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SportsOutdoors

North Fork finally gets its striper run

While the South Shore of Long Island has enjoyed a striped bass run of epic proportions over the past few weeks, the normally dependable fall blitzes on the North Fork had been nearly nonexistent this year until just a few days ago. Finally, the birds are diving along beaches from Riverhead east to the Oyster Ponds access point in Marion.

While the local crew was quick to get on the fish with diamond jigs, small soft-plastics and even Epoxy Minnow flies, the throngs of surfcasters from farther west that usually make their way out to these parts to pop slammer blues just before Thanksgiving have mostly stayed closer to home. That's because South Shore and West End action has remained fairly steady. Another reason is that the stripers being caught on the East End have tended to run small, often measuring less than 20 inches, and the chopper blues haven't really shown at all.

Still, if you live anywhere between Wading River and Orient Point, this weekend should be a good one to grab a light, seven-foot stick, a half-ounce bucktail or Ava 27 tubeless diamond jig, and head down to the beach with fishing proteges in tow. Nothing beats close-to-home fast action when trying to groom the next generation of anglers. Consider school to be in session.

If you live in Western Suffolk or Nassau County the ocean beaches and near shore waters continue to offer your best bets. While catches may be more sporadic than a week or two ago, there's still a chance of pulling bigger fish from among the hordes of 18- to 24-inch schoolies currently dominating catches. Diamond jigs continue to be the ticket as the stripers remain focused on sand eels.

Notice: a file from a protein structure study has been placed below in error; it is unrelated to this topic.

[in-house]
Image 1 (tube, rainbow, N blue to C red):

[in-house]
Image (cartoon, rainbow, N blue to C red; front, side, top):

Expect the best of the South Shore striper action to come from between Jones and Fire Island inlets, although you'll likely connect anywhere between Breezy Point and the west side of Shinnecock Inlet should you cast to the start of an ebbing tide.

On the bottom scene, the blackfish bite has resumed at full strength in western Long Island Sound following the latest round of strong, full moon tides. Anglers working rocky ledges in 30- to 40-foot depths have been picking limits of tog to six pounds, with a few bigger bulldogs keeping sharpies on their toes. As has been the case all fall, those using lightweight blackfish jigs weighing one-half to three-quarter ounces have outscored those anchoring crab baits to the bottom with heavy sinker setups. Solid tautog reports this week came from the Port Washington, Huntington, Port Jefferson, Orient and Greenport areas.

Open boat vessels out of Shinnecock, Moriches, Captree, Freeport and Point Lookout have recorded nice mixed bags of blackfish taken from rubble piles in 50-foot depths, plus a generous mix of sea bass, porgies and triggerfish in 70- to 80-feet of ocean water. While the scup and triggers want clam baits, the biggest blackfish just about everywhere continue to fall for time-honored green crabs. For some reason, this year's bulldogs have shunned hermit crab baits, and nibbled with little conviction on fiddler and Asian crabs. The greenies, however, have been gobbled almost immediately after reaching bottom.Email: outdoortom@optonline.net

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